Wednesday, September 18, 2013

Kitty Litter Bucket Becomes Upcycled Compost Bin with Charcoal Filter



This is the Simple Human Compost Pail from one of my favourite stores in Vancouver. The store is
Room In Order at  http:\\www.roominorder.com. They are really close to my Rhuematologist so I try to get there at least once or twice a year depending on how my arthritis is treating me. The last time I was there I fell in love with this counter top compost bucket, but the price was $69.99. Now my husband will tell you I am a tried and true shopaholic, but I just could not bring myself to pay that much for a bucket to throw my vegetable waste into.
What really drew me to this bucket over the other models was that it had a built in charcoal filter, to help with the odour that comes from a compost bucket, which is not pleasant if any of you have a bucket already know. The bonus of having a compost is worth the extra work of having one by far. They were selling replacement filters which I have already posted about which I purchased at the time, well I finally got about making my bucket. To be honest with the summer heat I could not stand the smell of the compost so I had to do something. It was so easy I do not know what took me so long.


My husband found the perfect (no pun intended) bucket as it had a really great flip top that was easy to open. The only problems with it were that the label would not come off, and I did not want a kitty litter bucket on my kitchen counter. It just not seem all that right if you know what I mean, not that we have a cat.
So I decided to paint it. I taped off the top edge as it did not need to be painted. My paint choice was Annie Sloan Duck Egg Chalk Paint. I am fairly new to Chalk Paint but I have been hearing nothing but good things.


I have always found when I am painting something that I do not want to touch that if I put it on an old paint can to elevate it, that it gives me easy access all of the way around my object without having to touch it. The paint went on very easy, and only one coat is needed, even to hide such a bright label. Thank you Annie Sloan. I decided to go a little further and I cut out a few appliques with my Cricut. If you do not own one, you can always go to any scrapbooking store and have things cut out for a fee.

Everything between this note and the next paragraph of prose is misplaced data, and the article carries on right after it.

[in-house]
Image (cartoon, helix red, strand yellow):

These are the cartridges I used, Cursive 101 for the lettering Compost which is on both sides and Damask Decor which I used for the leaf design which is also on both sides. 



I used Mod Podge on the appliques. I brushed the Mod Podge on the paper before I applied them on a disposable palette, and then put them in place. This way I did not have to brush them with Mod Podge after they were in place. 


I decided to not use a wax finish as is customary with chalk paint as this was a compost bucket and opted instead for a Krylon Crystal Clear Glaze Spray Finish. I was lucky enough to pick up this spray at our local habitat store for $1.00. I wish I could say the same about the Annie Sloan paints. Too bad everyone uses them all up. This involved more drying time and several spray coats but as far as cleaning the bucket it was very worth the effort.



This is the charcoal filter that I bought at Room in Order. They come two in a box, so I still have one. I am not sure yet how long they last. To attach it to my lid I drilled holes two together in a circular pattern around the top of my lid. I then took zap straps and put them through the holes and the charcoal filter and attached the filter to the lid. Simple.


You can see it took eight zap straps to secure the filter securely to my lid.




Ready to go. So far I am happy to say I can go almost a week before odour is a problem now that I have a filter in my new compost bucket. Now if I could only install a fruit fly trap.... hm mm

Happy composting
Cherie




1 comment:

  1. I have come across some great decorated treats but I think this is by far one of the best Halloween cakes I have ever seen. Behold! The Kitty Litter cake!​http://printablepetcoupons.com/

    ReplyDelete